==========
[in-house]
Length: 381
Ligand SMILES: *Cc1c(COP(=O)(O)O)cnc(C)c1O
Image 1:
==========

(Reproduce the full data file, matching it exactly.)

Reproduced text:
[in-house]
Length: 381
Ligand SMILES: *Cc1c(COP(=O)(O)O)cnc(C)c1O
Image 1: